USAT’s age group rules, make the wetsuit cut off water temperature 78 (25 C) degrees. This means if the water is above 78 degrees wetsuits are not allowed in order to be eligible for awards in the race. One can still use a wetsuit up to 84 (28 C) degrees but will be ineligible for awards. 84 or higher no wetsuits are allowed period. For professionals on the ITU level the wetsuit temperature cut off is 68 (20 C).
To wear a wetsuit or not to? That is the question! There are no rules stating you must wear a wetsuit. There are many top swimmers who race in the ocean that never use wetsuits and race in water that is often under 68 (20 C). These swimmers however train their bodies to be use to cold water.
Most triathletes train in pools and the majority of pools are 78 (25 C) or warmer. As a result, water even in the low 70’s can feel cold.
Wetsuits are thus a good option to prevent getting chilly if not adapted to swimming in cold water. They are also useful to wear at the start of a race, when it can be cold, in order to keep warm. It is important to have the body warm to start a race to get right into a strong pace. Standing around shivering from the cold is less than optimal for a strong start. (I have made that mistake.)
In most cases a wetsuit will actually make an athlete faster. Wetsuits will allow for more buoyancy in the water. This then means that an athlete doesn’t have to expend as much energy in supporting the rest of their body and thus can put more into forward propulsion through the water.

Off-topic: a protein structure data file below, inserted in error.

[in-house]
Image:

What is the best wetsuit? There are two main types of wetsuits, one option has full sleeves, the second option is sleeveless. Sleeveless wetsuits will allow for more shoulder flexibility which may be important if you lack shoulder mobility, or maybe you would just feel more comfortable in a sleeveless suit. The issue is that it can feel very cold for many especially when the water drops into the 50’s (55 C).
A full sleeve wetsuit will keep you warmest. Using a full length wetsuit may mean that there is a lack of shoulder mobility. Many of the top wetsuits for triathlon use a thinner and more flexible material through the shoulders. Lots of full length wetsuits also have gripper type panels on the forearms designed to for gripping the water better.
What is the best suit for you then? The one that works for you! Try them on. If possible, swim in the wetsuit before you buy it. Make sure they are as tight as you can get them. Excess room in your wetsuit will fill up with water and slow you down. Baggy spots in a wetsuit can also chaff which is never fun. At the same time you want to have as much flexibility as possible to allow for your stroke to feel natural.
I’m a big fan of some of the wetsuits that have air bubble type panels through the chest, torso and thigh regions. This type of bubble technology is great at providing more buoyancy in the water. Brands such as Orca and Xterra use this type of technology in their top suits.